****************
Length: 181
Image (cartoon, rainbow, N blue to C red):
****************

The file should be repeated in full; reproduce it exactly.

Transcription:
Length: 181
Image (cartoon, rainbow, N blue to C red):